Those are the most important challenges that we have been seeing over the last three or four or five years in the Dominican Republic. But those are the challenges that we see many in many other countries in Latin America and elsewhere around the world. Can you explain a bit more about the lack of alignment in defining adaptive educational technology, and how you work with multilateral institutions to navigate that?

Dr. Baron: Yeah, there is a nascent set of people in this development sector, such as banks or other development partners, that are trying to look into what adaptive learning really means when a company uses that term.

Right now, it could mean anything from the truly adaptive platform that tests the student every two or three hours of use, to companies that only do one statement at the beginning, and then they define a path of a curriculum that you then need to go through.

So, I think that is something that still needs to be defined to make more explicit what countries are buying, right? Because a lot of firms try to say their products are adaptive, but there are different levels of adaptability and personalization.

Again that means the adaptive [functions] could happen as often as the software or the platform is used, or it could happen only once or twice during the same period of use. What funding or allocation of resources do you see for edtech opportunities, tools, or programs?

Dr. Baron: At least in the public sector, which is what we work with at the Bank, we do see many opportunities now. Even before the pandemic—though it was certainly accelerated with the pandemic—many countries started to dedicate more funding within their budgets to [digital] devices, to software, and these kinds of things. More and more they are gaining space within the budgets of [Latin American] Education Ministries.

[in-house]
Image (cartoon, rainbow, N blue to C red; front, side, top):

And just remember that the Education Ministries, usually in the region, represent about 20 percent of the expenditure of a country within a national budget. So those are not necessarily small numbers, [though] even a small percentage would be a lot. And I see that more and more [allocated for] in the [Dominican Republic’s] Ministry of Education’s budget. Do you have any advice for policymakers, companies, non-profit organizations, students, or educators engaged in or seeking to develop or leverage the edtech tools and opportunities?

Dr. Baron: I think that in all cases, especially for Ministry and educational policymakers, they need to come up with an implementation strategy. It is not only about buying the software, and it’s not only about buying the hardware—there should be clear pedagogical and implementational plans, monitored and used accordingly.

On top of that, I would say, there is still a lot of evidence that is lacking on the impact of these platforms. Adaptive learning shows very interesting results in different countries, including the Dominican Republic, but more impact evaluations are needed; more analytical work needs to be done.

We need to also understand the behavioral responses of teachers in the classroom. We need to understand when it works and how long children should be exposed to these technologies, vis-a-vis the time that they spend with the teachers in a regular math class or other classes.

So the advice for policymakers is to engage in how the implementation will be done and not necessarily let the service provider define those parameters. In general, they do not know how to work well within public systems and the challenges that public schools face.

Chelsea Toczauer

Chelsea Toczauer is a journalist with experience managing publications at several global universities and companies related to higher education, logistics, and trade. She holds two BAs in international relations and asian languages and cultures from the University of Southern California, as well as a double accredited US-Chinese MA in international studies from the Johns Hopkins University-Nanjing University joint degree program. Toczauer speaks Mandarin and Russian.